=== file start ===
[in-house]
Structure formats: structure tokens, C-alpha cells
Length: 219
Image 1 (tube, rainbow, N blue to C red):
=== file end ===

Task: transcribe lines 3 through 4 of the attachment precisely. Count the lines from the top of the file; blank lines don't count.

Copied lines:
Length: 219
Image 1 (tube, rainbow, N blue to C red):